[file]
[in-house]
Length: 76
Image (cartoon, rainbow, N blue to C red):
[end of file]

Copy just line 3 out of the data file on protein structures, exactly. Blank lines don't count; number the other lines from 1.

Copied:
Image (cartoon, rainbow, N blue to C red):